The first fact is that whereas the amount annually paid in wages, profits, interest, and rent is estimated at £1,350,000,000, there is at no time as much as £100,000,000 of money in the country.
The second fact I will give you in the words of John Stuart Mill:
“When men talk of the ancient wealth of a country, of riches inherited from ancestors, and similar expressions, the idea suggested is that the riches so transmitted were produced long ago, at the time when they are said to have been first acquired, and that no portion of the capital of a country was produced this year, except so much as may have been this year added to the total amount. The fact is far otherwise..
“The greater part, in value, of the wealth now existing in England has been produced by human hands within the last twelve months. A very small proportion indeed of that large aggregate was in existence ten years ago; of the present productive capital of the country scarcely any part, except farmhouses and factories, and a few ships and machines; and even these would not in most cases have survived so long if fresh labor had not been employed within that period in putting them into repair.
“The land subsists, and the land is almost the only thing that subsists. Everything which is produced perishes, and most things very quickly."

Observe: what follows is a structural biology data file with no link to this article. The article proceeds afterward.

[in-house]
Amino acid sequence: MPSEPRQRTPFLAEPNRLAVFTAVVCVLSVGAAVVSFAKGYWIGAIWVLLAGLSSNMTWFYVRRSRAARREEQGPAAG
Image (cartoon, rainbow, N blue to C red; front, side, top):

“Capital is kept in existence from age to age, not by preservation, but by perpetual reproduction."
Does that surprise you?. Nearly all the boasted" capital" or wealth of the rich is produced annually.
And by whom is it produced ? By the rich ? Not at all. It is produced by those who labor, for all wealth must be produced by labor. By no other means can it be produced.
You hear a man described as a millionaire. Do you suppose that he has a million or a hundred million pounds in his safe? Do you imagiue with regard to a Jay Gould or a Duke of Westminster that every year a million golden coins rain down on him from heaven?
Your millionaire has hardly anything. Very little money, that is certain. But he has bonds and securities and other written contrivances of the usurer and the deyil, whereby he is legally entitled to appropriate year by year some millions of the wealth that is created by the labor of the poor.
Your Duke of Plaza Toro is said to be worth £500,000 a year. How is he worth it? He gets it in rent, in royalties, in dividends, in interest; and every penny of it is taken from the wealth produced by labor.
Your duke has £30,000 a year of rent-roll, has he? But he has not a shilling of rent until poor Hodge has raised the crops and farmer Giles has sold them. Take the men, the laborers-poor despised drudges-off his grace's estates, and his grace is a pauper.
I advise you to get a pamphlet called “Society Classified : In reply to the question, 'How far is the saying true that every one lives either by working or begging, or by stealing?'”. By E. D. Girdlestone. Price, 5 cents. It is well worth your attention,